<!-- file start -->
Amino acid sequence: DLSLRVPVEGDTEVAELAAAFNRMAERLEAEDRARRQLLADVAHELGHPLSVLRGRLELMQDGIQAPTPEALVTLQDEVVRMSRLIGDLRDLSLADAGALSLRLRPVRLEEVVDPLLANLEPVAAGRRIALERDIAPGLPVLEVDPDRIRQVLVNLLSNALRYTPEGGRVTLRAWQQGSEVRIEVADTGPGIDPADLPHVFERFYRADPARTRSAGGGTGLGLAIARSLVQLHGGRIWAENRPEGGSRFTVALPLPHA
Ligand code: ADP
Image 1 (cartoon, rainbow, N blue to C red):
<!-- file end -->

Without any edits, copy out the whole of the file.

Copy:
Amino acid sequence: DLSLRVPVEGDTEVAELAAAFNRMAERLEAEDRARRQLLADVAHELGHPLSVLRGRLELMQDGIQAPTPEALVTLQDEVVRMSRLIGDLRDLSLADAGALSLRLRPVRLEEVVDPLLANLEPVAAGRRIALERDIAPGLPVLEVDPDRIRQVLVNLLSNALRYTPEGGRVTLRAWQQGSEVRIEVADTGPGIDPADLPHVFERFYRADPARTRSAGGGTGLGLAIARSLVQLHGGRIWAENRPEGGSRFTVALPLPHA
Ligand code: ADP
Image 1 (cartoon, rainbow, N blue to C red):